Establishing S.M.A.R.T. goals with properly communicated incentives can only go so far if an associate is unable to model key behaviors and take the actions necessary to achieve expectations. Training plays a critical role in store associate effectiveness. Many retailers assume that store leadership will take on the function of associate training. But what if the manager isn’t comfortable facilitating training or doesn’t have that skill set? Smart retailers also provide “train the trainer” programs or identify qualified trainers for each store or district.
Review Your Results
You can’t understand how significant your influence as a leader was unless you measure your success. After the event/task/mission has been completed, retail leaders should revisit the goals they established beforehand (e.g., Did everyone involved achieve their target? Was a manager able to monitor store associate effectiveness to ensure that they achieved their goals in the right way?)
If everyone hit the target and did it the right way, then celebrate your success! If not, start to assess what went wrong by going back to your communication plan and answer the following questions:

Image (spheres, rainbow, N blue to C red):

- Was the vision clear?
- Did I ensure that everyone involved understood the communication?
- Were all areas of the S.M.A.R.T. test passed?
- Did I inspire everyone? If so, how? And if not, why?
- Which individual(s) didn’t achieve their goals?
- Did the underperformers have adequate training?
- Did the underperformers demonstrate appropriate behaviors and skills?
- Where were the gaps in behaviors and key performance indicators (what did you measure)?
- What corrections can I make to the plan and behaviors for the next time?
While this may seem like a lot of advanced work, the payoff is that you will have happier, inspired associates and an even better chance of hitting a home run every time your team is challenged!